Smoking cannabis post transplant

Posted by glopers @glopers, Dec 10, 2021

Does anyone know how immunosuppressed a person has to be before they can be declared safe to smoke?

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Hi @glopers and welcome to Mayo Clinic Connect.
I'd like to invite @athenalee to the conversation as she did some research on CBD after her liver transplant.
What type of transplant did you have?


Thank you Amanda and hello @glopers, welcome to Connect.

If you are currently taking immunosuppressants you should definitely check with your doctors about consuming cannabis. Both THC and CBD interfere with the metabolism of many medications. Most drugs, including cannabis, are metabolized through the cytochrome P4503A (CYP3A4) pathway. Cannabis can cause your medications to increase or be lowered in your system, potentially doing great harm to your body. There are nearly 400 known drug interactions with cannabis.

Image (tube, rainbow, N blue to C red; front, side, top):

I know as a transplant recipient, Calcineurin Inhibitors, including Tacrolimus and Cyclosporine, will be increased in my blood levels if I consume cannabis. This can lead to toxicity in my body and rejection of my new organ.

You can check to see if the medications you take are listed as interacting with cannabis on But, even if they are not, I’d still recommend you consult your doctors.
If you’re interested, I’ve also attached an article on the drug interaction process. I suffer from constant pain and other neuropathy symptoms which I know could be relieved by cannabis. But, it’s not worth risking my life.

Shared files

Cannabis canlivj (Cannabis-canlivj.2018-0023.pdf)

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